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How to clean your horse brushes

How to clean your horse brushes

No matter which brushes you choose to use on your horse, looking after them so they last a long time and do their job is important.

Brushes are designed to clean your horse. Brushing your horse with a dirty brush means you are transferring that dust, sweat and dirt back to your horse’s coat which defeats the purpose! Ideally you are using a curry to clean the brush after every few strokes which removes the dust and sweat from the brush but over time, the grime will build up in your brush. If you neglect them long enough, dirty brush bristles will begin to clump together, becoming even less effective for cleaning your horse. Keeping your brushes clean not only means they do their job properly and last longer, it also means you are reducing the build-up of bacteria.

If for any reason your horse ends up with some kind of skin issue, do NOT use that brush on any other horse until the skin issue has been resolved and the brush disinfected otherwise you risk spreading that skin issue to another horse. Using something like chlorhexidine would be suitable in this situation. It will kill any germs but not be too strong and harm the bristles on your brush.

The type of brush you have will determine how you wash it. For all brush types, use your curry prior to washing to remove as much hair and dirt as you can.

Synthetic bristles with a plastic back

These type of brushes don’t really need any special kind of care. You can use whatever soap solution to wash them and leave them to soak in a bucket without any issue. Some people even put them in the top drawer of the dishwasher! These type of brushes can also be washed in a bag in the washing machine if you so desire. It is advisable to NOT use the spin cycle.

You can either put a squirt of the soap you are going to use straight onto the wet brush, use your fingers to massage and scrub the soap into the bristles, then rinse thoroughly, or you can put some soap in a bucket with some water and chuck them all in there to soak for a bit. Leaving them to soak is a good way to do a number of brushes all at once and will use less soap. You may still need to soap and scrub the odd one if it is really grubby. Rinse thoroughly with clean water and put them on a clean towel, bristles down or on their side, to air dry. Putting them in the sun would be fine.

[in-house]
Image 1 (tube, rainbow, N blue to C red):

Synthetic bristles with a wooden back

As above you can use any kind of soap you like on these bristles. To ensure the longevity of the wooden back, do not soak these type of brushes in a bucket or put them in the dishwasher or washing machine. Wood does not respond well to being soaked or overly wetted on a regular basis. As a one off here and there it would be fine but only if absolutely necessary. Put a squirt of the soap you are going to use straight onto the wet brush, use your fingers to massage and scrub the soap into the bristles, then rinse thoroughly. Put them on a clean towel, bristles down or on their side, to air dry. Keep out of the sun so the wood doesn’t dry rapidly and risk cracking.

Natural bristles with a wooden or synthetic back.

Natural bristles need more care than synthetic bristles if you want them to last as long as possible. I will only use a shampoo to wash natural bristles that I am prepared to use on my horse. Do not put them in the dishwasher or washing machine. Again, as above to ensure the longevity of the wooden back, do not soak these type of brushes in a bucket. Put a squirt of the shampoo you are going to use straight onto the wet brush, use your fingers to massage and scrub the soap into the bristles, then rinse thoroughly. Put them on a clean towel, bristles down or on their side, to air dry. Keep out of the sun so the wood doesn’t dry rapidly and risk cracking.

How often should you wash your brushes?

It depends on a number of things.

  • How many horses they are being used on
  • The time of the year. Typically winter brushing removes more mud than summer brushing
  • The type of brush. A dandy brush would be used to remove more dirt than a polishing brush

Do they look grubby and dusty? Time to wash them

Haven’t washed them for 3 – 4 months and they’re used regularly? Time to wash them.

 

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